[quote="CeterumCenseo"][quote="Kube8"] if this has been around for years and years (that article looks like it was from 1989), why is it not used more regularly to treat even less invasive warts?[/quote]
Because it wasn't efficient in follow-up studies: e.g.: http://www.ijdvl.com/article.asp?issn=0 ... ulast=Shah
And it is (was?) supposed to be carcinogenic. Actually i don't know the study, which should have proofed the opposite. But it seems like there is one?[/quote]
RE: carcinogenic potential:
Is DNCB A Worthwhile Treatment Option?
Dr. Lemont: Does anybody use DNCB?
Dr. Salk: I think the FDA looked at DNCB a few years back and recommended against its use due to possible teratogenic effects.
Here one can see eradication of the wart on the same foot three months after treatment with bleomycin.
Dr. Lemont: I think it failed an Ames test, but there was never any issue in terms of unit carcinogenicity. There have been a lot of articles written on its use. While there are times when it didnâ€™t work at all, I can tell you there have been times when I have gotten miraculous results. As far as I know, there has never been a case reported in the literature with DNCB having any carcinogenic potential in humans.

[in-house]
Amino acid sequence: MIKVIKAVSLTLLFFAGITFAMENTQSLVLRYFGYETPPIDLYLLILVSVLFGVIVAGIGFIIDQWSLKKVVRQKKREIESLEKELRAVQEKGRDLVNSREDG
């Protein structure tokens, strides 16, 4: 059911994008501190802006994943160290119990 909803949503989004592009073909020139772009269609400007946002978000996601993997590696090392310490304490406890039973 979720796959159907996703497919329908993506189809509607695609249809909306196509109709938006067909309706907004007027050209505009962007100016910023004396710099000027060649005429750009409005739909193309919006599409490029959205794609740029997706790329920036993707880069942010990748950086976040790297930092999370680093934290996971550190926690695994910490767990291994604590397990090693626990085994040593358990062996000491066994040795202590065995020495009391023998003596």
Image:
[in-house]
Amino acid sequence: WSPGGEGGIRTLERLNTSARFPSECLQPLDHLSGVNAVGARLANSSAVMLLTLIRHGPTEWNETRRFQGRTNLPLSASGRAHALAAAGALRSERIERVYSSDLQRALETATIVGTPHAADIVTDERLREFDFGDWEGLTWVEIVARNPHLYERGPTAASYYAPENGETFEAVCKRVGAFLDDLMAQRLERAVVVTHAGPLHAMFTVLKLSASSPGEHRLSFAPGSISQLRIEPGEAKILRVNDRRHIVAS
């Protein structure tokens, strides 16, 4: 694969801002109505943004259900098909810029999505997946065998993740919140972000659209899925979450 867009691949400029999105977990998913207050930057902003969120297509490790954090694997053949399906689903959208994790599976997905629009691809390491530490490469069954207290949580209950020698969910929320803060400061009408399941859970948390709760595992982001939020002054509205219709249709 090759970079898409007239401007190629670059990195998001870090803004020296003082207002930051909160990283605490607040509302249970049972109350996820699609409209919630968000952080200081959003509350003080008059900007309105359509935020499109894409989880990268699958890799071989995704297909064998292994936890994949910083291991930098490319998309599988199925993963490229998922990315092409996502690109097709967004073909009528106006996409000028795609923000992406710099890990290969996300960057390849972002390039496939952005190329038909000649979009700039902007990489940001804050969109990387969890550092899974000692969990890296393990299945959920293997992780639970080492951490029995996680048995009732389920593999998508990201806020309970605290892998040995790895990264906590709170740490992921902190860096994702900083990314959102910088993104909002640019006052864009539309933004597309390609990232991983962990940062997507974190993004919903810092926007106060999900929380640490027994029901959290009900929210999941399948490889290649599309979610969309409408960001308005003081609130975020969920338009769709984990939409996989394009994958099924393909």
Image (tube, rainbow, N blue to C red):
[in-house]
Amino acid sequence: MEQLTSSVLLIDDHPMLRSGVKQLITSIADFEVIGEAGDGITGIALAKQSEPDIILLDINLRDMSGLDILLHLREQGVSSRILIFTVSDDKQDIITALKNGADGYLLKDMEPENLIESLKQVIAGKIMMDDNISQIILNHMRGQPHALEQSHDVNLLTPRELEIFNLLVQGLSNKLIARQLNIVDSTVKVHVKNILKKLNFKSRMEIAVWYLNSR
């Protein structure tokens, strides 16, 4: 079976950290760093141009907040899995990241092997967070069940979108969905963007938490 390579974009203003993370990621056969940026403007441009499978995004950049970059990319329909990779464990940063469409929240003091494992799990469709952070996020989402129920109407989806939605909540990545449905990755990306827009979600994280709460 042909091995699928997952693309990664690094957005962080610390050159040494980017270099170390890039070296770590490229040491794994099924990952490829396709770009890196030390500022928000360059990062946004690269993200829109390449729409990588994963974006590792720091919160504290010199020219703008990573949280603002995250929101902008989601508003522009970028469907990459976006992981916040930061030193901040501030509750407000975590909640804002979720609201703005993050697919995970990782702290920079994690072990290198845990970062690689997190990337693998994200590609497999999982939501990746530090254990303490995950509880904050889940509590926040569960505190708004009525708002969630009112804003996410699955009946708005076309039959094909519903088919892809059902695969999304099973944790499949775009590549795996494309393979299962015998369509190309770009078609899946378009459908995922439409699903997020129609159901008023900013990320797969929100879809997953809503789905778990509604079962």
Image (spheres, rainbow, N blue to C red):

On a rare occasion in which I see an extensive amount of warts that are not perhaps associated with liver transplant or AIDS or something like that, I will use it.
A mother came in with her 3-month-old baby. The mother had AIDS, was immunosuppressed and had warts throughout her body. The warts were transmitted to the baby and it looked like the baby had a keratoderma of both soles. Using DNCB, we ended up getting sloughing of the warts week by week.